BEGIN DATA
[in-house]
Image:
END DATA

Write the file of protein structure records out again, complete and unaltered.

[in-house]
Image: